Mike Krukow on Frank Robinson: 'He made you better. He made you tougher.'

Mike Krukow on Frank Robinson: 'He made you better. He made you tougher.'

SAN FRANCISCO -- On Opening Day of the 1983 season, Mike Krukow took the ball knowing that he was already in a hole with his manager. Frank Robinson wasn’t a fan of the trade that brought Krukow over from the Phillies, and he wasn’t shy about it, particularly when Krukow had a rough spring. 

Before Krukow could begin his work that day, he watched as actor Yul Brynner threw out the first pitch in front of more than 50,000 fans at Candlestick Park. 

“He comes trotting out and grabs the ball and it looks like it’s the first time he’s had a baseball in his hand,” Krukow recalled Thursday. “He goes into his imaginary windup that I think he thought he was nailing and he throws a three-hopper to the plate.”

A short while later, Robinson met Krukow on that same mound. The debut hadn’t gone well. Krukow’s elbow was barking and he allowed four runs in 1 1/3 innings. 

“Frank comes out there and takes the ball and says, ‘Yul Brynner’ had better (stuff) than you did,’” Krukow said.

Robinson was intense and unapologetic, but on Thursday, a few hours after the news of his passing, a couple of his former Giants players remembered him as someone who, above all, made them better. 

“If you were a guy that needed a rah-rah speech, he wasn’t your guy. If you went out and pitched a shutout with 10 strikeouts, that’s your job. That’s your job,” Krukow said. “But if you didn’t do your work or you were lazy, that’s when you’d hear from him. He made you better. He made you tougher. He toughened up a bunch of guys that had him here.”

Bill Laskey, who also pitched for Robinson’s Giants teams, said the Hall of Fame hitter taught him how to be a more effective pitcher. Robinson led the league in hit-by-pitches seven times and he forced his pitchers to learn how to throw strikes on the inside part of the plate.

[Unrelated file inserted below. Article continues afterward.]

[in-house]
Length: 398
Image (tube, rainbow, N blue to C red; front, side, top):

“He was very aggressive with his pitchers, very aggressive with his hitters,” Laskey said. “He forced me to pitch inside. That was one of his biggest pet peeves for all of his young pitchers. He said that if you don’t learn how to pitch inside, you won’t last in the big leagues.”

Robinson managed the Giants from 1981-84. He became the first African American to manage in the National League, and despite the fact that the vast majority of his legendary career was spent elsewhere, he remained an occasional presence at Giants games. In 2017, the organization honored Robinson during a pregame ceremony that included Willie Mays, Willie McCovey and Barry Bonds. 

Krukow and broadcast partner Duane Kuiper often spoke fondly of Robinson during broadcasts. They both played for him, and that left a lasting impact. 

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“He was very professional,” Krukow said. “No matter what, at the end of the year he would be there and he would reach out and shake your hand.”

Giants' Tyler Beede showing signs of hope despite continued struggles

Giants' Tyler Beede showing signs of hope despite continued struggles

ATLANTA -- There were some close calls in the second half, some postgame media sessions where manager Bruce Bochy indicated that Tyler Beede's rotation spot was in jeopardy. 

But the Giants stuck with their young right-hander, who now is poised to finish the season in the rotation. Two parts of Friday's 6-0 loss to the Braves, who clinched the NL East title, showed why it's so important that they continue to be patient. 

Beede ended the second inning by freezing his college teammate, Dansby Swanson, with a 98 mph fastball. It was the fastest pitch of Beede's season and comes at the end of a long and often trying year -- and it's the kind of pitch that only a select group of right-handed starters have in their arsenal. 

Mike Foltynewicz is one of them, and he's an example of what the Giants hope Beede can become. Foltynewicz has similar stuff and a similar background as a high-end prospect, and he had a very strong 2018 season.